• Yes on all the ‘reviews’ about the play. Apart from some newspaper ones, which are from lifetime professional critics, they morph very much into a retelling of the play with all details. Which i find quite boring. I find professional critics tend to be very good at presenting an opinion about play, staging, acting without giving the details away. But i’ve learned to read selectively through them and ignore when they go into plot and other such details and just go for the bits about staging, acting, general commentary which just give me a sense of their pov without spoiling my own experience. I’ll leave the detailed dissection mostly to after i’ve seen it, if at all possible.
          If the play is really good i find they don’t matter anyway as i don’t ever think about anything i read before while i am watching. If it’s good it will be engrossing. 🙂


      • Please – two days to get an Apple power cord. I know that life in the provinces scene.


      • The main reason I read the play was so I won’t miss something if I get too caught up in Richard. I’m fairly certain that will happen, so I’ll still know just what’s happening.


    • Sorry: my issues about the play are similar.

      I think that the vast majority of tweets about the play are not especially problematic for me. Most tweeps are no commenting in depth, with the exception of one or two, and when I see their avatars I can just skip them.


  4. Fortunately, I’m not terribly proficient in the Twitter way – I don’t know what a ‘live tag’ is, for example.
    However, I completely understand your point. It would be similar to reading the ending of a book as a first. No wonder it’s called a ‘spoiler’.
    I think you know by now that I’m grateful for any little snippet you choose to submit here on RA-related goings on which I’m unable to follow myself.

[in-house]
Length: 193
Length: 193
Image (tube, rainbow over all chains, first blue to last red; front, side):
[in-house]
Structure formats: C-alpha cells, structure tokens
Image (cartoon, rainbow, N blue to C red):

I hope your computer gets fixed soon.


  5. I totally understand that and this is how i felt throughout the entire Hannibal run. It was either not go anywhere on the internet and don’t read anything or be inevitably and relentlessly spoiled. Even with most avoidance and delay tactics i was still inevitably spoiled.
    At least for the moment we don’t get accounts of each episode of BSt the very next day everywhere, but i am sure they will come pretty soon once the normal tx schedule starts, ie this Sunday.
    I think they made a small mistake with the ep 5 and 6 videos anyway, one in 6 inadvertently gave away the resolution of the dilemma from the 5th ep. Silly really. They should really only release the ones for the next episode.

    I innocently thought they released these because they were spoiler free, and in most cases they are i think, but still. I think especially this genre and with it not being an episode plot but a series arch enjoyment is enhanced by knowing as little as possible. I want to let it work on me as it is, step by step, there is much enjoyment to be had by peeling the layers gradually. I want to see if there are slight chances with the different directors and so on. But in order to have that you have to go into a sort of voluntary isolation. Sigh.
    It’s a situation i’m gradually adjusting to and i don’t have this problem with anything else, i’ve always been able to sink 1-1 into a series just like with a book.


    • I think what’s bugging me is this — the only tv show that I ahve really followed with anywhere near as much interest as this one in my adult life is ER. There were always spoilers available for ER — but they were segregated on a particular part of the web. If I didn’t want to go there, I didn’t go there. Now, because of web 2.0 or 3.0 or wherever we are now, they can’t be avoided.